April 5, 2023 at 10:40 am
2022 mayoral candidate and former MPP could face sanctions for violating campaign finance rules.
The deadline to submit financial information for the 2022 municipal campaign has passed, and the mayoral runner-up appears to have left out some required information in his application.
Khalil Ramal, a former member of the Fanshawe Provincial Assembly in London, received a donation that exceeded the $1,200 limit and did not include the addresses of anyone who had donated to his campaign.
“On our website, they write their name and the amount of the donation. We can’t get the address,” Lamar said in an interview with London News Today on Wednesday, noting that he was not aware of the province’s request to collect donations or address. “I should look up their name, call them and get their address. I call them.”
Under the Municipal Elections Act, candidates must track all donations over $100.
Ramal received 27 such donations, but did not record the addresses of any donors. Two donations — one worth $200 and the other $1,000 — did not include names or addresses.
The top donation came from Sil Palumbo, president of London-based developer Palumbo Homes, who donated $1,495.
Palumbo did not return a call from London Today seeking comment on the donation.
“I’m confused [donor limits]. Some people told me up to $2,500, others told me the Mayor of London up to $1,500. I saw someone in Toronto donating $2,500 for the mayor,” Ramal said.
Donations to Toronto mayoral candidates are capped at $2,500. The maximum donation for all other Ontario municipal competitions is $1,200.
When London News Today learned of the rule, Ramal said he would refund the $295 excess to Palumbo.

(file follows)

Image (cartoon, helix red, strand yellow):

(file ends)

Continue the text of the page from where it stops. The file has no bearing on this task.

Ontario’s municipal election laws require candidates to keep the names and addresses of donors on file and submit them to municipalities as part of their close-of-election declaration.
“You need to list on your financial statements the name and address of every donor who contributed more than $100 to your campaign in total. You should record the name and address of every contributor, regardless of the value of their contributions, because the same A single contributor may make multiple contributions that end up totaling more than $100,” said the province’s List of Rules for Municipal Candidates explain.
Lamar could face sanctions over the missing information in its financial statements.
According to the election law, “a voter entitled to vote in an election who has reasonable grounds to believe that a candidate has violated the campaign finance provisions of this Act may apply for a campaign finance compliance audit of that candidate.”
If Lamar is found violating the law, he could face a fine or be barred from running in municipal elections in 2026.
Issues with the campaign also include the balance sheet.
His forms show he raised $15,515.66 during the campaign while spending $48,302.29 — a deficit of $32,786.63.
“I don’t want people paying for me. But I think I have to. I think that’s the way it is. You have to be responsible for it. I don’t want people paying my bills,” Ramal said. “I have to pay. It’s that simple. I’ll pay.”
Josh Morgan won the October 2022 mayoral race — with 46,283 votes. Lamar finished second — 30,371 votes behind Morgan.
“I don’t regret a minute [the campaign]said Lamar. I will continue to defend the people who voted for me.”
He also wished Morgan and the rest of the city council as they work to steer the city in key areas like homelessness and the environment.
Lamar was MPP for London-Fanshawe from 2003 to 2011.
He ran for the federal seat in 2015 but was defeated by Irene Mathyssen.
During the 2019 campaign, he tried again to seek the Liberal nomination but was rejected by party headquarters.